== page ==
The film Their Remaining Journey by John Clang served as the curtain raiser for the second edition of Painting with Light: Festival of International Films on Art. The art and film fest held at the National Gallery Singapore is now on until 28 October 2018.
Opening the festival is indeed impressive for Clang, especially considering that Their Remaining Journey marks his feature film debut. But the film has already gained recognition for its visuals and its unique story. Their Remaining Journey delves deeper into the helplessness and anxiety of being trapped in between states, which undoubtedly triggers thoughts on communities in transition as it takes its viewer through the experiences of the various protagonists.
The film by John Clang is one of the 30 international films that will be screened at Painting with Light. In this exclusive interview, the filmmaker reveals more about Their Remaining Journey and his thoughts on the film festival.
[Q]How does it feel having ‘Their Remaining Journey’ opening the festival?
[A] I was already very honoured to have my film chosen to be screened at National Gallery forPainting with Light. To have this film opens the festival means a lot to me in many levels.Most importantly, I am very grateful for this opportunity to have such a quiet and subtlefilm being put in the limelight, lending further exposure for the cast involved, who are non-actors/non-actresses. This will be an experience they will remember for a very long time.
This is your feature film debut, how was the experience personally for you?
I treat this like another art project that I work on except that this is very taxing on me bothemotionally and financially. It is especially so when I decided to do things theunconventional way, knowing that it will be deemed as a very elusive kind of film. I know why I need to do this film. Therefore, I have to simply do it without thinking aboutthe audience. The whole experience for such process is a very strenuous one but it is alsovery rewarding when I realize that I have been truthful to myself.
Their Remaining Journey has a big supernatural element, why did you choose to go this route?
This comes from personal experience whereby I had spent two years of my life with afemale ghost. To me, it is not actually supernatural. It is just another perspective to look atour own mortality.I make film that isn’t plot driven. It is a slow-burning film that focuses on observation. Ibelieve if we can make our pace in life slower than everyone else, we start to ‘see’.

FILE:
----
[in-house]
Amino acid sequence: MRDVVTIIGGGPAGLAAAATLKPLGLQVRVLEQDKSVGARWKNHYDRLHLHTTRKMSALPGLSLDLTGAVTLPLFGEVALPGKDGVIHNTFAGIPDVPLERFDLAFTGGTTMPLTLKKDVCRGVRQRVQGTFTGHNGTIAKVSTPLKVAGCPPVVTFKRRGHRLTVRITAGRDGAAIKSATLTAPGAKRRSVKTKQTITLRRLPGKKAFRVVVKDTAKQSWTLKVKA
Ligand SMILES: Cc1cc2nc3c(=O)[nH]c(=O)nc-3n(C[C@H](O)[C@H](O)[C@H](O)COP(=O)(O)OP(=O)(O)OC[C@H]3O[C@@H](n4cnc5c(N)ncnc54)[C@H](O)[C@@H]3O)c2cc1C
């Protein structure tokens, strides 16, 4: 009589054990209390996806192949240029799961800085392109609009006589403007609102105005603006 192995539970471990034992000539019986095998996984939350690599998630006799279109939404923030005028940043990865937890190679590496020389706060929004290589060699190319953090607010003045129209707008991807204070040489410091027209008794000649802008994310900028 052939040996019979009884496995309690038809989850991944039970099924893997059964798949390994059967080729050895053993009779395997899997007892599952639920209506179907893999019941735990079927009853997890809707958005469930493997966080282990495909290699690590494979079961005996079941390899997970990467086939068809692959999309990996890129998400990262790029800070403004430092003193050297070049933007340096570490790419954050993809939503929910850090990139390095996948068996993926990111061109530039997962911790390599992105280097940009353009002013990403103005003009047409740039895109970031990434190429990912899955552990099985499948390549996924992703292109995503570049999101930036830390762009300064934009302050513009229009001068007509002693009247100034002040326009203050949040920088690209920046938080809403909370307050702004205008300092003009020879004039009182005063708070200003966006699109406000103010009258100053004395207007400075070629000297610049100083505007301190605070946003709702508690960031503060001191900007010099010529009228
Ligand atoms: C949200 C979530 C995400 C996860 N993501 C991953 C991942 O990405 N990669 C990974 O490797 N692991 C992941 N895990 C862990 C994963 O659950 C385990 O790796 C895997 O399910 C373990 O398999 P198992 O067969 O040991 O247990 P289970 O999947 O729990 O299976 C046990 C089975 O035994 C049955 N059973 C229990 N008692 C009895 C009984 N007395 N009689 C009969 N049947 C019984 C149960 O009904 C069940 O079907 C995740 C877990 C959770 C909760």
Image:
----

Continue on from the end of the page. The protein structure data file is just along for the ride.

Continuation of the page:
Are you pleased with the reception the film has gotten in screenings across the globe?
This is a very niche and challenging film from an unknown director and thus it has very littlescreenings across the globe now. However, I do think that if I continue doing what I believein, based on the positive reviews I got from some cineastes and critical film reviewers, thisfilm will gain its momentum and prominence as time passes.I am doing this for the long run, since it was never an intention for a typical theatricalrelease. Screening it at National Gallery Singapore is the perfect fit.
Besides your film, are there any other films that you’ll be excited to catch at the festival?
I am very excited to watch The Seen and Unseen by Kamila Andini, Arcadia by Paul Wright,the short film, Dahdi by Kirsten Tan and In Jackson Heights by Frederick Wiseman.Pauline Soh has curated a great selection of films for this festival. Most of the films are noteasy or possible to be found on our cinemas. It will be a very different and rewardingexperience for the audience.
Painting with Light: Festival of International Films of Art 2018 at the National Gallery Singapore will be held from 5-28 October. For a complete list of screening times and information, visit nationalgallery.sg/paintingwithlight.